Film series features black history in the U.S.

— Hiding outside of the kitchen, Frederick Douglass heard desperate screams of help.

He looked through the crack of a door and saw a black slave woman being pushed to the ground by a white man. Later picking her up and tying her hands with rope, dangling from the ceiling, he ripped the back of her shirt to whip her, making her scream louder until she hushed.

This scene marked part one of the “The Abolitionists” shown Feb. 1 as part of the Created Equal Film Series at the Plattsburgh Public Library celebrating Dr. Martin Luther King’s Birthday, the 150th anniversary of the Emancipation Proclamation and Black History Month.

The series, co-sponsored by the North Country Underground Railroad Historical Association, the Martin Luther King Jr. Commission, the Clinton-Essex-Franklin County Library System and the Plattsburgh Public Library, received a grant by the National Endowment for the Humanities to fund the five-part film series, giving also over 400 grants around the country.

“The topic of the civil rights struggle throughout American history is totally on the mark with our mission which is to educate people about the history of the Underground Railroad and the ongoing struggle for freedom and full rights in our society,” said Peter Slocum, programs director for the board of the North Country Underground Railroad Historical Association. “The topic was a perfect match for our historical story, and the library system is always looking for ways to provide historical resources to the whole region.”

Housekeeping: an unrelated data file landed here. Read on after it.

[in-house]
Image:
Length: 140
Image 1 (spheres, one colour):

So far, “The Abolitionists” part one and two and “Freedom Riders” were shown with J.W. Wiley, director of the Center for Diversity, Pluralism and Inclusion at SUNY Plattsburgh and author of “The Nigger In You,” and Jackie Madison, president of the North Country Underground Railroad Historical Association, as discussion leaders.

“The Abolitionists,” released in 2013, shows the struggles of men and women who led the battle to end slavery in the late 1800s featuring faces such as the daughter of a rich South Carolina slaveholder Angelina Grimke and author of Uncle Tom’s Cabin Harriet Beecher Stowe. After the documentary, the floor was open for discussion, with one discussion of how Harriet Tubman was not mentioned.

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